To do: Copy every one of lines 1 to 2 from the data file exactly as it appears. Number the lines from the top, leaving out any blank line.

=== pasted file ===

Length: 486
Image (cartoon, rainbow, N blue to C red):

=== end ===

Length: 486
Image (cartoon, rainbow, N blue to C red):